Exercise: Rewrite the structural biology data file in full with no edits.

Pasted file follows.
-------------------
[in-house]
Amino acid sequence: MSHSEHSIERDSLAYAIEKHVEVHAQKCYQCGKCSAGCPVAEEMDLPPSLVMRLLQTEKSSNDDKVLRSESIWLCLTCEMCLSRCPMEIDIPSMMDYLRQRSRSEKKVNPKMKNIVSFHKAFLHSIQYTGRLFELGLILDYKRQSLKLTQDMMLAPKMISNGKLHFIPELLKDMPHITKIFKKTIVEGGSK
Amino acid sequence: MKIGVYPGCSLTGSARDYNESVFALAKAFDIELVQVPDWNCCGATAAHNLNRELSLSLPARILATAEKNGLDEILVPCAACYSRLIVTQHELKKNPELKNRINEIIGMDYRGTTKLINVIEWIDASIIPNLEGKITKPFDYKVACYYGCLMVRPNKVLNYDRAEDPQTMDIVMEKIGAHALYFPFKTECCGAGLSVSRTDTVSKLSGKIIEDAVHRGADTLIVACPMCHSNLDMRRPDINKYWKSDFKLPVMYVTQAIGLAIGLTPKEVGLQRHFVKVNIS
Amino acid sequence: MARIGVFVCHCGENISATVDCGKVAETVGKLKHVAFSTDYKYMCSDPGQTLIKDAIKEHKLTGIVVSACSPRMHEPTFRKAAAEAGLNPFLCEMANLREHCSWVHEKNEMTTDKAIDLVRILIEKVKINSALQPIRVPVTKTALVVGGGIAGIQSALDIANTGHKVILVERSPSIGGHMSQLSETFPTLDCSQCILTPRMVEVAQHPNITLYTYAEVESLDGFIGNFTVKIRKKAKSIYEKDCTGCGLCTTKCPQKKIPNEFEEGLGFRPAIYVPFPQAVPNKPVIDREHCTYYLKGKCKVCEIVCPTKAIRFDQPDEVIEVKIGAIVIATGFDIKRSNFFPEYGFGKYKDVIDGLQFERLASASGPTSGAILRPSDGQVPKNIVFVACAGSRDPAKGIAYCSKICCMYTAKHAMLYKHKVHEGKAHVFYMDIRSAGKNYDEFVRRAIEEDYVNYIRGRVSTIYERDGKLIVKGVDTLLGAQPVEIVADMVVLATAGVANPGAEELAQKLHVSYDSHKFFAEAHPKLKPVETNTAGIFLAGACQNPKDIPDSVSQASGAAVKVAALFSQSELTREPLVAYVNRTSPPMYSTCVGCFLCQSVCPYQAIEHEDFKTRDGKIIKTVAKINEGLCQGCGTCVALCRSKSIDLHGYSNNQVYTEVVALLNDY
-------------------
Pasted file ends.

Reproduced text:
[in-house]
Amino acid sequence: MSHSEHSIERDSLAYAIEKHVEVHAQKCYQCGKCSAGCPVAEEMDLPPSLVMRLLQTEKSSNDDKVLRSESIWLCLTCEMCLSRCPMEIDIPSMMDYLRQRSRSEKKVNPKMKNIVSFHKAFLHSIQYTGRLFELGLILDYKRQSLKLTQDMMLAPKMISNGKLHFIPELLKDMPHITKIFKKTIVEGGSK
Amino acid sequence: MKIGVYPGCSLTGSARDYNESVFALAKAFDIELVQVPDWNCCGATAAHNLNRELSLSLPARILATAEKNGLDEILVPCAACYSRLIVTQHELKKNPELKNRINEIIGMDYRGTTKLINVIEWIDASIIPNLEGKITKPFDYKVACYYGCLMVRPNKVLNYDRAEDPQTMDIVMEKIGAHALYFPFKTECCGAGLSVSRTDTVSKLSGKIIEDAVHRGADTLIVACPMCHSNLDMRRPDINKYWKSDFKLPVMYVTQAIGLAIGLTPKEVGLQRHFVKVNIS
Amino acid sequence: MARIGVFVCHCGENISATVDCGKVAETVGKLKHVAFSTDYKYMCSDPGQTLIKDAIKEHKLTGIVVSACSPRMHEPTFRKAAAEAGLNPFLCEMANLREHCSWVHEKNEMTTDKAIDLVRILIEKVKINSALQPIRVPVTKTALVVGGGIAGIQSALDIANTGHKVILVERSPSIGGHMSQLSETFPTLDCSQCILTPRMVEVAQHPNITLYTYAEVESLDGFIGNFTVKIRKKAKSIYEKDCTGCGLCTTKCPQKKIPNEFEEGLGFRPAIYVPFPQAVPNKPVIDREHCTYYLKGKCKVCEIVCPTKAIRFDQPDEVIEVKIGAIVIATGFDIKRSNFFPEYGFGKYKDVIDGLQFERLASASGPTSGAILRPSDGQVPKNIVFVACAGSRDPAKGIAYCSKICCMYTAKHAMLYKHKVHEGKAHVFYMDIRSAGKNYDEFVRRAIEEDYVNYIRGRVSTIYERDGKLIVKGVDTLLGAQPVEIVADMVVLATAGVANPGAEELAQKLHVSYDSHKFFAEAHPKLKPVETNTAGIFLAGACQNPKDIPDSVSQASGAAVKVAALFSQSELTREPLVAYVNRTSPPMYSTCVGCFLCQSVCPYQAIEHEDFKTRDGKIIKTVAKINEGLCQGCGTCVALCRSKSIDLHGYSNNQVYTEVVALLNDY